B-1 bombers to patrol skies from Guam
Pacific Air Forces said it is sending speedy and low-flying B-1B bombers to Guam for the first time in 10 years.
The move comes with China vowing to up its bomber and fighter flights in the contested South China Sea and the United States adding to its own aircraft firepower in the unstable region.
The B-1s, which have a low-radar cross section and can fly at more than 900 mph, “will provide a significant rapid global strike capability that enables our readiness and commitment to deterrence, offers assurance to our allies and strengthens regional security and stability,” the Hawaii-based command said.
The undisclosed number of B-1s will deploy to Andersen Air Force Base on Aug. 6 to replace B-52 bombers from Minot Air Force Base in North Dakota that have been on Guam as part of U.S. Pacific Command’s continuous bomber presence mission.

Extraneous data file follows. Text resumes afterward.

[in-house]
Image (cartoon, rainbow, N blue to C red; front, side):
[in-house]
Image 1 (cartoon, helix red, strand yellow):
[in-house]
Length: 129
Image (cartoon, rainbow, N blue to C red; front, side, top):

The B-1 bombers will be accompanied by about 300 airmen from Ellsworth Air Force Base in South Dakota. B-1 units bring “a unique perspective and years of repeated combat and operational experience” from the Middle East to the Pacific, the Air Force said.
While it’s not the first time the B-1 has been based in the Pacific, it’s been 10 years since the last rotation.
B-52 bombers out of Guam have played a key role maintaining flying rights in international airspace in a rebuke of China’s far-reaching sovereignty claims, which are challenged by some neighboring countries.
The Permanent Court of Arbitration recently rejected outright China’s territorial claims over much of the South China Sea in a case brought by the Philippines — a ruling China said it would ignore.
Two of the B-52 long-range bombers were sent into airspace over the East China Sea in late 2013 in defiance of China’s declaration of an “air defense identification zone” requiring other nations to get its approval to fly in what the United States considers international airspace. B-52s also have flown over the South China Sea.
Five A-10 Thunderbolt II “Warthog” tank-buster aircraft and four EA-18 Growler electronic attack aircraft were deployed to the Philippines in recent months, and the United States is in talks to base long-range bombers in Australia.